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EPA imposes first nationwide limit on use of “forever chemicals” in tap water

For the first time, the Environmental Protection Agency has established national limits for six types of per- and poly-fluoroalkyl substances in drinking water. The substances, known as PFAS, are nicknamed “forever chemicals” because they barely degrade and are nearly impossible to destroy; they remain permanently in contaminated air, water, and soil. PFAS have been associated with a higher risk of certain cancers, heart disease, high cholesterol, thyroid disease, low birth weight, and reproductive issues, including decreased fertility. Most people in the U.S. have PFAS in their blood, according to the Department of Health and Human Services. The EPA is making $1 billion available to states to implement testing and treatment procedures.

Eleven states already have regulatory standards in place, but this nationwide limit will force other states to adhere to the rules. “One hundred million people will be healthier and safer because of this action,”EPA Administrator Michael Regan said Tuesday, “Drinking water contaminated with PFAS has plagued communities across this country for too long.” The number of people that will benefit from these upgrades is substantial. As of Wednesday, public water systems that don’t monitor for PFAS have three years to start. If they detect PFAS at levels above the national limits, they will have two more years to purchase and install new technologies to reduce PFAS in their drinking water. The EPA believes that these new limits will prevent tens of thousands of deaths and serious illnesses associated with exposure to PFAS.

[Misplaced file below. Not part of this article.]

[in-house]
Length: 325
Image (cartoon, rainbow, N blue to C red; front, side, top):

The EPA’s new limit reflects the lowest levels of PFOA and PFOS that laboratories can detect, and that public water systems can treat. However, according to the agency, water systems should aim to eliminate the chemicals entirely, for there is no safe level of exposure.

PFAS are synthetic chemicals that take thousands of years to break down in the environment. PFAS have been used in manufacturing since the 1940s due to their ability to repel oil, water, and heat. Manufacturers have known that these chemicals are toxic for years yet continue to use them.

“They can be found in everything from nonstick cookware to cleaning and personal care products,” said Regan during a press briefing, “But there’s no doubt that many of these chemicals can be harmful to our health and our environment.”

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